Meloni’s government censors anti fascism

Dave Kellaway reports on the controversy surrounding a historian’s attempt to give a minute’s monologue on the meaning of Italy’s National Liberation Day, April 25.


A few days ago, the Guardian wrote about how the RAI, which is the country’s public TV and radio company in Italy, had cut a short speech. The speech was by Antonion Scurati, a writer and expert. Antonio Scurati, a renowned writer and academic, wrote the speech for the major national holiday on April 25. This holiday commemorates the victory of the Italian people against the Nazi occupation during World War II. However, the RAI decided not to let him say the whole speech on TV.

Giorgia Meloni, the current prime minister of the hard right coalition government, grew up politically in the continuity neo-fascist MSI party. She was a youth activist in the Rome area. Although she and her party have distanced themselves from some aspects of the fascist period—for example, the persecution of the Jewish community—they have not completely repudiated that regime. 

At the same time, this political current has, for some time now, and with some success, tried to downplay and even eliminate the anti-fascist foundation of the Italian Constitution of 1948. I recommend reading the text (just the intro) for its progressive content—as far as a bourgeois constitution allows—compared to the British framework.

The current government wants the word anti-fascism removed from all official discourse. People say these divisions are old-fashioned and don’t matter in Italy’s society today. Of course, the official mainstream left has helped this change along. They have worked together to manage capitalism and have failed to put up any real fight against the upper classes.. The left’s abandonment of its own historical principles has significantly impacted anti-fascist traditions. The president of the Senate, Ignazia La Russa, the second highest institutional post in Italy, who is also a member of Meloni’s party, has specifically refused to use the term anti-fascism. He presided over some of the official ceremonies on April 25.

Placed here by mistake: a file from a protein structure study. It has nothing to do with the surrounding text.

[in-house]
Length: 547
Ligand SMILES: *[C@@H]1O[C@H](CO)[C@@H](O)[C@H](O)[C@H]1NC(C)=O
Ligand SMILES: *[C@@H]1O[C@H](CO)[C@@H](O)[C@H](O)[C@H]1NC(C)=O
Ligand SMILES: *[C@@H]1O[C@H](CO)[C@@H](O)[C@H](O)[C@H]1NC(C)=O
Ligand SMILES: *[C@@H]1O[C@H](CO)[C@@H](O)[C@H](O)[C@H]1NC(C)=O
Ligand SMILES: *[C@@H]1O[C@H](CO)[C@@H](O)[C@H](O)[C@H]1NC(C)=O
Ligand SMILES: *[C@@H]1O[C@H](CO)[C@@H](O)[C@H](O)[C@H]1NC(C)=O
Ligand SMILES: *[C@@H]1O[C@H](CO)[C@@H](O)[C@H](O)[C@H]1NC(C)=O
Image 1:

This year, Il Manifesto, a left wing daily, has been building a national demonstration in Milan on April 25. It has been twenty years since it called for a similar successful demonstration at the time the neo-fascists were first admitted to one of Berlusconi’s governments. Today, the post-fascists are not just a very junior partner but also the leadership of the government, which has maintained the support it won at the last election. Fratelli D’Italia, Meloni’s party, is likely to be the biggest party in the European elections in June.

The monologue was censored not so much for his analysis of the fascist period as for its direct reference to the current prime minister’s opposition to the values of anti-fascism. Meloni has since tried to distract from the accusation of censorship by publishing the monologue on her Facebook page. She also falsely accused Scurati of asking for too much money for his appearance on the RAI channel and that this was the ‘real’ reason for why he was de-invited from the Che Sara TV show. 

The controversy has dominated politics in Italy in recent days, and paradoxically, it has likely caused more people to read or listen to the text than if the RAI had allowed the writer to appear. Other presenters started to narrate the same monologue. Already, the RAI is being purged by the regime; its new director, Roberto Sergio, is close to Meloni’s politics, and a significant number of its presenters and journalists have been pushed out or have resigned. Scurati himself has been the target of the right wing and its media, and this has surprised him since he has not been particularly involved in politics.